Month: June 2011

Preschool mom again

My five-year old daughter has been going to school for two weeks now. Yet it felt like it’s only my first time to be a preschool mom. For one, I never had to bring my older child to school and wait upon her until classes were over when she was in kindergarten. It was simply because my work schedule was in conflict with her class schedule. I also do not remember ever interacting with her classmates’ mothers then, although I would see her class adviser and principal from time to time to check her progress or whenever her monthly tuition fee is due. However, with my younger child, I find myself now in a different situation. For the first time, I am experiencing what I believe is the life of a regular preschool mom. I have to bring my little Z to school, wait for her until her classes are over, even if I have already hired someone to bring her to school and pick her up as well by tricycle. It wasn’t the second day of school that I started interacting …

The Jonah in me

When I think about my own relationship with God, I remember the story of Jonah. This morning, instead of reading just the first three verses of the Book for my irregular daily devotions, I read the whole Book. Reading it made me face the fact that I am being rebellious again despite my attempts to mask the attitude. “Have you any right to be angry?” the LORD asked Jonah on two separate occasions. And I found myself in the same boat as Jonah, being asked the same question. No, I have not been faithfully reading my Bible lately or being obedient to God’s Word for that matter. My prayers are too shallow–I recite them with no feelings at all. Sometimes, I would only pray because my children urge me to lead them or because the situation seems to call for it. And because I have not been meditating on God’s Word, I get easily irritated or angered lately. So why am I acting rebellious again? What’s making me feel angry that sometimes, like Jonah, I …

“Mom, at what age would you like me to get married?”

“Mom, at what age would you like me to get married?” I have a feeling that I should start expecting such questions from them beginning today. Actually, I should have thought of that when my older child asked me yesterday whether she’d get rich when she grows up. I don’t think they really understand the meaning of marry or marriage, but going back to their question, I answered “30” to my older child A, and “35” to my younger one Z. Why much later for Z? Because she’s younger and so baby-ish that I think it would take a long time before we let her go. As for A, I suppose it’s given–because she’s older, she’d mature faster and would want to leave the nest sooner. And well, I have this feeling that she would want to be independent the soonest possible, so I’d rather brace myself… that doesn’t seem to make sense though, does it? A gave a follow-up question: the perennial why. Why? Because according to studies, the human brain does not become fully mature until the age 25. And, …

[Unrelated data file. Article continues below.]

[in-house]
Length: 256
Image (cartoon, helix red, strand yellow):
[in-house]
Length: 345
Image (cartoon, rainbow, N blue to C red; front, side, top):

“Mom, will I be rich when I grow up?”

(Referring to my eldest brother as a role model of success.) My 7-year old daughter asked me out of the blue whether she would be rich when she grew up.  I was startled especially that she asked it while I was accompanying her to the bathroom last night and I was just getting impatient to go back to my laptop. Well, what could I say? I began to think about my eldest brother, the most successful person in our brood. My mother always believed that he was successful because he always honored them–our parents, that is. Whenever he was being criticized or scolded by either of our parents, he would just keep silent, patiently listen, bow down his head, and never answer back. (Of course, there are other ways that a person could show respect to his/her parents, but not answering back or being rebellious must be the most obvious act of respect parents could see.) I suppose she’s right. After all, it’s in the Bible: Children, obey your parents in the Lord, for this is right.  “Honor your father and mother”—which is …